“The husband should fulfill his marital duty to his wife, and likewise . . . the wife’s body does not belong to her alone but also to her husband . . . Do not deprive each other except by mutual consent and for a time, so that you may devote yourselves to prayer. Then come together again so that Satan will not tempt you because of your lack of self control.”

Sexual intimacy between a man and a woman, inside the marital vows, is a strengthening, bonding act, and meant to grow the devotion between them as well as protect the relationship from Satan’s attacks. Physical intimacy between the husband and the wife is more than procreating — it’s a weld that binds two weak, vulnerable human spirits into one strong, unbreakable life of godly worship. As the psalmist said in Psalm 128, verses 1-4, regarding a man and his family: “Blessed are all who fear the Lord, who walk in His ways . . . blessings and prosperity will be yours. Your wife will be like a fruitful vine within your house; your sons will be like olive shoots around your table. Thus is the man [family] blessed who fears the Lord.”

Our next post on the subject of returning to the heart of worship will begin with the fifth way we can learn obedience to God, as we continue in the construction of our fourth and final wall on our temple of worship.

The Joshua Project by J.Scott Harden is licensed under a Creative Commons Attribution-Noncommercial-No Derivative Works 3.0 United States License.
Based on a work at
Permissions beyond the scope of this license may be available at

Scripture taken from the HOLY BIBLE, NEW INTERNATIONAL VERSION ®. Copyright ©1973, 1978, 1984 by International Bible Society. Used by permission of Zondervan Publishing House. All rights reserved.

The “NIV” and “New International Version” trademarks are registered in the United States Patent and Trademark Office by International Bible Society. Use of either trademark requires the permission of International Bible Society.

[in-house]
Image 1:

F-Troop Copyright © 2006 Warner Bros. Entertainment Inc. and Copyright © 1965 Warner Bros. Television. All rights reserved.

If your church or organization would like to talk with J. Scott Harden about a speaking engagement, or a writing project, please get in touch with Mr. Harden through Jason MinistriesTwitter account or Facebook page.

Article IV, part 2

We have begun looking into how we as believers can experience true joy in our daily worship, even in the midst of serious suffering and strife, but to do this there are some things we must first understand about the word joy. So to understand fully what joy means, and to correctly apply it to our everyday life and worship, we will have to dissect the word; cut into what we said joy is and look around inside it — find what lies at its core. To do this we will literally take the word “joy” and examine it letter by letter. When we are done, the acrostic we end up with will be a simple and applicable tool with which you can allow God to bring real joy to you daily.